But because the headers and footers are static HTML files, you will have to overwrite them if you want to change them. As a result, you can use custom post types to make and change templates and template parts.
Also, if you use block themes, you don’t have to go back and forth between the WordPress content editor and the Customizer. You can instead take care of everything in one place. It will make editing and setting up the site easier and make it simpler for your visitors to use the site.
How to Use WordPress Full Site Editing
Now that you know what Full Site Editing is, we can discuss how to use it.
1. Selecting a Theme that Allows for Full Site Editing
FSE is only compatible with block-based themes. If you want to use the new editor, you may have to switch to a block-based theme first.
There are more than 150 full-site editing themes in the WordPress repository. Twenty Twenty-Two theme was the first of its kind.
More block-based themes can be found using the Full Site Editing filter on WordPress.org.
The new Site Editor will replace the old Customizer once you turn on your block theme.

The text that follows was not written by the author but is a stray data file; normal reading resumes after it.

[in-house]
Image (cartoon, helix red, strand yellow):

2. Experiment with templates and template parts
Visit the WordPress dashboard and go to Appearance > Editor to activate FSE. Doing so will activate the brand-new Site Editor.
By default, the editor opens the homepage. But you can customise individual page templates and template parts.
Page templates are pre-designed layouts that come with your theme. Archive pages, Single Post pages, and 404 error pages are all examples of page templates.
Template parts, meanwhile, are components that can be incorporated into your page templates. Your header and footer sections fall under this category.
All your templates and template parts are conveniently located in the same location. Click the WordPress logo in the upper-left corner of the Site Editor, then click Templates.
Here is a list of the templates you can use for your theme. If you select one of these links (say, “404”), you’ll be transported to the Site Editor, where you can alter your template.